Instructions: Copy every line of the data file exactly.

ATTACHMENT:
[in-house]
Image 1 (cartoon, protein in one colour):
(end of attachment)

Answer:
[in-house]
Image 1 (cartoon, protein in one colour):